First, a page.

Sunday, 23 August 2009

Bitten by Kelley Armstrong

In "Bitten" Kelley Armstrong brings us the story of a woman named Elena Michaels who is young, beautiful and successful. She is also a werewolf. In this world all born werewolves are male, as only men can carry the gene, it is only in being bitten that a woman can become a werewolf, and prior to Elena, no woman had survived the change (as many do not, werewolves don't usually leave their victims alive after biting them). This leaves Elena in an interesting situation, being the only female werewolf. Having not chosen the lifestyle that was thrust upon her when she was bitten, Elena leaves her werewolf pack to have a "normal" human life in Toronto Canada. She has a human fiance, a normal job, and despite the necessity to change into a wolf once a week, she lives a normal life. Elena tries hard to fit into the mold of normal human, until she gets a phone call from someone from her past, someone she can't say "no" to...

This book is an intriguing read and has some great characters who are relatable and seem very real, unfortunately I found it a bit difficult to relate to the main character. The story is good enough and the ending made the other issues I had with the book worth reading it.

Character development for Jeremy and Clay makes them far more interesting characters. While Clay has plenty of flaws and seems almost inhuman at times, the emotion and sacrifices he makes for those he loves makes him relatable and in the end, an unlikely hero. Jeremy is the ultimate parental figure, always with Elena's best interests at heart, he loves and cares for the members of his pack more then he cares for himself. This proves that Armstrong is talented in developing characters and making you love them, and feel what they are feeling. It's just in her portrayal of Elena that I felt there was much to be desired.

Elena is off putting in her grumpy attitude about everything. She often comes off as a whinny child not getting her way. I found myself thinking"a terrible thing happened and now you're a werewolf, it's been 11 years, get over it". No one has ever been anything but kind and accepting of her. She takes out her bad mood and sulky attitude on everyone. As far as Clay goes, it's more deserved, but Jeremy and the other characters hardly deserve it. They are nothing but kind and inviting to a woman in a place where no woman has been before, and it could be argued that no woman ever belongs. Honestly, it made me wonder if she is worth the trouble at all. Elena really only provides one unique quality, sex. Being the only female werewolf on the planet, her gender grants her a license to be a total jerk. The pack certainly would not put up with the same behavior from a male.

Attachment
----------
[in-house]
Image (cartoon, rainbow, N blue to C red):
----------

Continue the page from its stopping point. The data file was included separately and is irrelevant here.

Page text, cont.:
I was ready to not like this book, but the ending really saved it for me. While all I said in the above paragraph was definitely true, I came out of this book liking it. By the end of the book Elena had grown up and seemingly accepted her fate, and there was hope of a better attitude from what could be a strong female character that I wanted so badly to root for.

Bottom Line: A decent read. While the main character was sort of off putting initially, the supporting characters and charter development is good. I'd recommend giving it a try. Plus, there are so many books about vampires, it's nice to read something that is a bit different!


Phronk said...

I'm intrigued by this one. I didn't read the spoilers, but the premise, Canadian setting, and hint of a good ending really make me want to read it. Thanks for the review!

Hey Lady! said...

It's a decent read, you may like it. If you do decide to check it out, let me know what you think, I'd like to hear a guy's perspective.